Category Archives: Behind the scenes

Stew and Red Lemonade

Kevin Marron is directing a film with a difference. Revolving around a taxi driver whose wife has died before their long awaited restaurant has opened, a random act of kindness turns into a story with a twist.

I sat in The Bankers where Kevin was filming part of his film with actors and friends Steve Gunn, Andrea Murphy and Diane Jennings, ably assisted by Rachel Rath and Dave Doherty. As the scenes unfold and get shot, reshot and improvised, I begin to see just how much goes into getting a short film right.

Each shot is filmed from different angles, with different intonations, inflections and ideas in an effort to capture the essence of what Kevin is trying to bring to the screen. The actresses work quickly, with humour and patience as they repeat the “Ah he’s a nice man” scene, despite poor Andrea dying for a red lemonade.

It’s only when watching something like this, the interaction between actors and directors, the dialogue and conversation between them that I began to realise truly how collaborative a project all this is. Each scene is discussed, first from what the director requires and then how the actors want to play it.

When I spoke to him briefly, Kevin was “thrilled” to be working on the project and enthusiastic about the outcome. “It’s as much about the process as the finished project” he said, “the whole thing’s been a blast.”

On a shoot with Carmel Winters

Carmel Winters very kindly gave us access to some of her photos from her shoot on Thursday. In her team also were Anthony Bowes (DP),Keith Lindsay and actress Dee Cotter.

Marvellous musicians and their magic offer

We’ve had some very generous offers of music from some amazing artists.

Damien Dempsey has most generously allowed us to use his music on the film. Check out his new album, The Rocky Road.

Miriam Ingram has very generously offered her music and she’s even willing to compose! She and her son Diolmhain have made a movie as well. Tootsweet.ie offer music composition for movies and they’re great.

Chequerboard is also being generous enough to allow us to use his music in the remixed feature.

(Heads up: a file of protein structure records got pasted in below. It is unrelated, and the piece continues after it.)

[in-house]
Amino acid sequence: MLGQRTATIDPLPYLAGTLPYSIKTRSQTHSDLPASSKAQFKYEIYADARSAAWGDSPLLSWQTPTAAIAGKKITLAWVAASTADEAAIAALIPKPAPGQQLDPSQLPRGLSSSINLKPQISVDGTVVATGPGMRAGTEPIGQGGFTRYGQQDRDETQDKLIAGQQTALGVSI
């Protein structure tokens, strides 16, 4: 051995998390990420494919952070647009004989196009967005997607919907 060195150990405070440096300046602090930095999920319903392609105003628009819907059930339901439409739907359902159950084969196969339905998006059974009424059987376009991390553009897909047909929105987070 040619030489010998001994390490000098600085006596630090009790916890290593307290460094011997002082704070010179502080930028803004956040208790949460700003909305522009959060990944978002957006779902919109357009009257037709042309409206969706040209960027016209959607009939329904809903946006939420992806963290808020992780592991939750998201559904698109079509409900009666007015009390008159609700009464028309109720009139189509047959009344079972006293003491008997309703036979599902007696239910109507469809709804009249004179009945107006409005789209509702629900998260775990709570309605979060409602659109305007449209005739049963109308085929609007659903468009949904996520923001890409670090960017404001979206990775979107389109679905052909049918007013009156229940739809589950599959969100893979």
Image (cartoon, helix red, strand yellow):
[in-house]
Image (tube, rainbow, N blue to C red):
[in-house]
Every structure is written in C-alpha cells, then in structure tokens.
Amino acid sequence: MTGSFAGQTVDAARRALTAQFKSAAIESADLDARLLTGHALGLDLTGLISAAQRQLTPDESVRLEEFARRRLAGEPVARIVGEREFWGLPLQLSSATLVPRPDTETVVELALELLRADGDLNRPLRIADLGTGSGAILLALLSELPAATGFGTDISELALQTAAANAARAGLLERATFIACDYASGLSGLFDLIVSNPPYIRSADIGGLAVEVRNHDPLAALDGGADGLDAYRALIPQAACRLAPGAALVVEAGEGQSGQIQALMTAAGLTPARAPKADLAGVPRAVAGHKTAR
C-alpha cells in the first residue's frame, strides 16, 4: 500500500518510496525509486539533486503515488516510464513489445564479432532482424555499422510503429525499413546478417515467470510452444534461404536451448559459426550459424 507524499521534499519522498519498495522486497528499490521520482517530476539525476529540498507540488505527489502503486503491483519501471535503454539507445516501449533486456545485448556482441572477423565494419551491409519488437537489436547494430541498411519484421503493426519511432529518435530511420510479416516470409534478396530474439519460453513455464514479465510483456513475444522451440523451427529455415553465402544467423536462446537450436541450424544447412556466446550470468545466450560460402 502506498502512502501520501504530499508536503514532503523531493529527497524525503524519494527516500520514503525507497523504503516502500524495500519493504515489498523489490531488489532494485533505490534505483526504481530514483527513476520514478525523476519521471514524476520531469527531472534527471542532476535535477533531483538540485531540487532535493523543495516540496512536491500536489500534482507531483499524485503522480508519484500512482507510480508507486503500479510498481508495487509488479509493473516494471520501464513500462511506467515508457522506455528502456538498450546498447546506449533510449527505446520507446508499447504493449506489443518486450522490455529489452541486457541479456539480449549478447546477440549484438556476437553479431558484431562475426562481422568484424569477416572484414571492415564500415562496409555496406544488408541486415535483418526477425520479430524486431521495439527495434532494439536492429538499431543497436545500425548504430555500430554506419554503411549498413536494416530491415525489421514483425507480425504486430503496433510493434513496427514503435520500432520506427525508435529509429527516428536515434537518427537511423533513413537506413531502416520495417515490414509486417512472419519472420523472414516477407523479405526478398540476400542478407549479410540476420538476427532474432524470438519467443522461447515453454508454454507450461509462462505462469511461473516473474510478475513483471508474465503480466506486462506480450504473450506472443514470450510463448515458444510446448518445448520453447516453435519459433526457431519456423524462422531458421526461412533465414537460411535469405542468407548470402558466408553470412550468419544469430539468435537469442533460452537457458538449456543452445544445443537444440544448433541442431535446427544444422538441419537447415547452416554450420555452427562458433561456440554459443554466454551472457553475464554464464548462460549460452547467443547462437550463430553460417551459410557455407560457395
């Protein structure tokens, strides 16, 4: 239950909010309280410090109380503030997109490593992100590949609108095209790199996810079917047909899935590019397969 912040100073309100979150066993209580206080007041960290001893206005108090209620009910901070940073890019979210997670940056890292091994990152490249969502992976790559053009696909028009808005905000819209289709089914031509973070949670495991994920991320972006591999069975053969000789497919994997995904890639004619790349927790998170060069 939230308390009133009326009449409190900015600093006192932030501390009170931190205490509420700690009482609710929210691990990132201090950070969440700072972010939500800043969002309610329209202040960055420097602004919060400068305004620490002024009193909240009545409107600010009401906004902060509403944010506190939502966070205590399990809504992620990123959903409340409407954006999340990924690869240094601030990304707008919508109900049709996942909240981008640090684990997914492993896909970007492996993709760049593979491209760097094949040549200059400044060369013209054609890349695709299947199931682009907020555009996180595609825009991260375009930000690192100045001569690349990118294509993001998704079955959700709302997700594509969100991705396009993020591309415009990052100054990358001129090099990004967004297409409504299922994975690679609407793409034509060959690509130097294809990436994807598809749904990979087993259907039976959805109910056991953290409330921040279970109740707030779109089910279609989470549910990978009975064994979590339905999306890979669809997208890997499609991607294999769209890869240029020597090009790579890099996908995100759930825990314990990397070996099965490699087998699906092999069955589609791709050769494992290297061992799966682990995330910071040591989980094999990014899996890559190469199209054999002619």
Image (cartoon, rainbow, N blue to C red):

Thank you so much to all the artists offering music for this, it’s going to make such a huge difference.

A huge thank you to…

Something like this couldn’t happen without some amazing people who offer their services to the team behind it:

The team at Filmbasewww.filmbase.ie – whose table and free wifi connection we’ve been comandeering to bring you this. Their coffee is excellent and staff very friendly.

Dave is the cool illustrator (‘drawer’) who gave us our logo and had been a design guru. Thanks Dave, love your work.

Alliance Electric on South Great Georges Street, Dublin 2. Really great people who have helped us out with lots of stuff.

Mercury Boy Productions, currently the hub of our operations. Really great viral marketers, with commercials, shorts, advertisements and podcasts. Check them out!

We’ve been using Twitterfone to stay in touch and keep us updated with what’s going on. It’s a really cool application and it’s Irish. Give it a go.

Dee and the team at the Pie Kitchenwww.piekitchen.ie – based in the Epicurean Food hall on the corner of Middle Abbey Street and Liffey Street just over the Ha’penny bridge.

Nick Fitzsimons in who has been most generous with his advice and time. A very knowledgeable guy in the music industry!

One of the best Movie sites in the world – Movies.ie. Check out the interview about our movie!

We ❤ the Chancer. Even if they are busy. ‘Nuff said.

From the edit room – Lenny says

A note from Lenny to all the film makers:

So, we are right in the middle of it here at mission control. I’m blown away by the quality of the work and genuinely amazed at what you’ve produced in less than 48 hours. We have only now (10am) got everything into the machine, all working, all at the right res etc. All in all there are over 30 projects. Declan slept on the Budda bag in the Darklight office for the grand total of an hour. I went home and listened to my baby son crying before retiring to the spare room for the last shreds of the night. But it’s all worth it for the feeling of energy around the whole thing.

The timeline now (with 25 of the 30 projects in) is 3 hrs. There will have to be some casualties to make a 90min piece and that’s going to be hard … Some pieces lend themselves to cutting down, some don’t. I’ll keep you all posted.

Can you sense the stress? 😉

A chat with Andrew McAvinchey

Despite being one of the busiest men in Dublin today, Andrew McAvinchey, who is directly involved in the set-up and organisation of this project, manages to look calm and collected. He joined Emily and me for a quick qik chat.